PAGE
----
take pride in your wins
celebrate all you have done
revel in glory
I have a love/hate relationship with my year end review.
On one hand, I find the process valuable. Reflecting on the past year reminds me of just how much can be accomplished in a year with small daily actions.
Some people say that we often over estimate what’s possible in a day, and underestimate what’s possible in a year. When I look back on a year I can see all that was possible and accomplished.
Noticing the patterns that arise in my magic moments from the year is valuable information that guides me how to spend my time in the next year.
And I love the feeling of “wrapping up” the year: extracting the wisdom and the lessons and packing away the rest before moving forward.
And yet each year I procrastinate my year end review. As much as I appreciate it, I also dread it.
Because each win and success is invariably entangled with a disappointment.
In my head, it goes down like this:
I published a daily blog … but I didn’t promote it enough (or, at all).
I finally launched my first group program …. but not quite the way I envisioned it.
I kept to my daily workout routine…. but I didn’t always push my edge.
If you’re a high achiever you may resonate with this. Many of my clients have this challenge too. And it pops up every year when I facilitate year-end-reviews.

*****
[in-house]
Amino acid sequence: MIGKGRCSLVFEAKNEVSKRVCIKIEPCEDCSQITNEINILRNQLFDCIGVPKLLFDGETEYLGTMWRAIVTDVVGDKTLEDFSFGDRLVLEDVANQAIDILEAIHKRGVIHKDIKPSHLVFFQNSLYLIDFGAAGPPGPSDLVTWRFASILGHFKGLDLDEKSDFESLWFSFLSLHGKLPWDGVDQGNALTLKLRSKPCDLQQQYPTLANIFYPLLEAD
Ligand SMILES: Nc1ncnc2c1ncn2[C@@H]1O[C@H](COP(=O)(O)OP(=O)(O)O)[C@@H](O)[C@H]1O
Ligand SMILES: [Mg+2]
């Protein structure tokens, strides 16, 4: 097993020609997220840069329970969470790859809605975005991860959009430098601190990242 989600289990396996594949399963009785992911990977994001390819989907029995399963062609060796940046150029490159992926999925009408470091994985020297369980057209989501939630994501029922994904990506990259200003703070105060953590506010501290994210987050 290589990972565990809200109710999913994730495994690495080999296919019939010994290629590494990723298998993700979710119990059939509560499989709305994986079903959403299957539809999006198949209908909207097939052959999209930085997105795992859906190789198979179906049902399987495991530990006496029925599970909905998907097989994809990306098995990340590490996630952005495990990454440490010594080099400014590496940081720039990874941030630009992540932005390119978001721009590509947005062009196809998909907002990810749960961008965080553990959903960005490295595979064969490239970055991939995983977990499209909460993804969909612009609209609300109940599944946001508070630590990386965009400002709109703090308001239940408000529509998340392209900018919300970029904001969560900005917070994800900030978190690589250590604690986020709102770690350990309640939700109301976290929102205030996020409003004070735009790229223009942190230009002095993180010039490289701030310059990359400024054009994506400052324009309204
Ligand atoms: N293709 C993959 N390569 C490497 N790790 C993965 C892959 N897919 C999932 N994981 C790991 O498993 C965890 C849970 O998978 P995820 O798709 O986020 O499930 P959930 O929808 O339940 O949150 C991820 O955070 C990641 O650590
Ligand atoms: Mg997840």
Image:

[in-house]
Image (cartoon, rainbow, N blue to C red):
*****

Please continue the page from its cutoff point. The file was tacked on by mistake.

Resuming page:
Every accomplishment is laced with disappointment.
When I allow those inner voices to chime in, it brings down the entire accomplishment. They steal the joy.
And it moves the focus away from what was great.
So in my year end review process I have a rule:
When I recount my successes, there’s a full stop after each win. No “buts” or qualifications.
That’s not to say the disappointments don’t matter. You can’t just sweep them under the rug.
They get their own section: a dedicated time to grieve and process the failings.
But first, the wins.
Some of us have been conditioned that it’s wrong to boast of our achievements. That belief that we must be humble, that there’s always room for improvement, can lead us to check our pride and find the disappointment in the accomplishment.
But that approach only leads to self-criticism and self-judgment.
It’s important to celebrate, to be proud of what we have done — in an unabashed, shameless way. This is what gives us momentum for the next win.
There will always be ways to up-level and room for improvement. But if you don’t celebrate what you’ve done, you’ll get stuck in futility.
As we wrap up the year, give yourself permission to celebrate without hesitation. Even better, share some wins with a friend and let them share theirs with you, then celebrate each other.